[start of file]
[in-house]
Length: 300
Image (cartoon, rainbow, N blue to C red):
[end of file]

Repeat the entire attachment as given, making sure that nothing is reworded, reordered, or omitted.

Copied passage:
[in-house]
Length: 300
Image (cartoon, rainbow, N blue to C red):